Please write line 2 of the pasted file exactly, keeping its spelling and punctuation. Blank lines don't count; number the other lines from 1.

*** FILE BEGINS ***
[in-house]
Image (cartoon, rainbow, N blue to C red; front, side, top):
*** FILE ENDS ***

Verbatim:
Image (cartoon, rainbow, N blue to C red; front, side, top):